Leonardo da Vinci’s Mona Lisa is overrated. Why? For starters, the director of the Louvre said that 80% of the museum’s visitors are there just to see the Mona Lisa. 80%! We’re talking about one of the finest museums in the world, overflowing with some of the world’s greatest artworks, and people come to only see one thing. Overrated. The story of how that happened involves a passionate art critic and a crime.
This Lego Mona Lisa is amazing:
Crazy recognizable even with only ~400 pixels. The Girl With the Pearl Earring is pretty good too. Of course, nothing beats Lego Stephen Hawking. (via mlkshk)
Per Betteridge’s law of headlines, the answer to this is “no”, but it’s still an interesting yarn.
Among the many enduring mysteries of this period is the fate of the world’s most famous painting. It seems that Leonardo da Vinci’s Mona Lisa was among the paintings found in the Altaussee salt mine in the Austrian alps, which was converted by the Nazis into their secret stolen-art warehouse.
The painting only “seems” to have been found there because contradictory information has come down through history, and the Mona Lisa is not mentioned in any wartime document, Nazi or allied, as having been in the mine. Whether it may have been at Altaussee was a question only raised when scholars examined the postwar Special Operations Executive report on the activities of Austrian double agents working for the allies to secure the mine. This report states that the team “saved such priceless objects as the Louvre’s Mona Lisa”. A second document, from an Austrian museum near Altaussee dated 12 December 1945, states that “the Mona Lisa from Paris” was among “80 wagons of art and cultural objects from across Europe” taken into the mine.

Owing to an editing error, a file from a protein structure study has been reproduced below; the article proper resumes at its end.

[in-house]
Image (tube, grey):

The Mona Lisa was actually stolen in 1911, in one of the cleverest art heists ever pulled.
Restorers at the Prado Museum in Madrid, working on what they thought was a 16th or 17th century replica of the Mona Lisa, have discovered that the painting was actually done by a student of Leonardo’s at the same time as the original.
Museum experts are in the process of stripping away a cover of black over-paint which, when fully removed, will reveal the youthfulness of the subject they say. The final area of over-paint will come off in the next few days.
The original “Mona Lisa” hangs in the Louvre but the sitter looks older than her years as the varnish is cracked. The painting is so fragile that restoration or cleaning is deemed too risky. The Prado version, however, will show the sitter as she was: a young woman in her early 20s.
This is pointillism taken to its limit.
Leonardo da Vinci’s ‘The Mona Lisa’ reduced & remixed down into 140 exact circles of colour. Makes no sense close up. Makes every sense from the other side of the room.
Prints are available.
This is an odd little excerpt from Vanity Fair of a book about the 1911 theft of the Mona Lisa and other art in Paris.
The shocking theft of the Mona Lisa, in August 1911, appeared to have been solved 28 months later, when the painting was recovered. In an excerpt from their new book, the authors suggest that the audacious heist concealed a perfect — and far more lucrative — crime.
Expecting new revelations, I read on but it was the same story told in previous books. Regardless, it’s a great story and worth the read but nothing new if you’ve heard it before.
Update: Someone’s doing a documentary. (thx, rakesh)
Leonardo da Vinci was a polymath and all that but this would have blown his tiny mind: the Mona Lisa “painted” using just 50 semi-transparent polygons. (via waxy)
In order to explain serial computation vs. parallel computation, the Mythbusters guys pit two paintball guns against each other in a art contest…one shoots one ball at a time and the other very much doesn’t. (thx, steve)
Why does the woman depicted in the Mona Lisa appear to be both smiling and not smiling at the same time? The smile part of the Mona Lisa’s face was painted by Leonardo in low spatial frequencies. This means that when you look right at her mouth, there’s no smile. But if you look at her eyes or elsewhere in the portrait, your peripheral vision picks up the smile. (via collision detection)
A digital rendering of the Mona Lisa from 1964. In the detail view, you can see how it’s made up of the digits 0-9, perhaps the world’s first piece of ASCII art?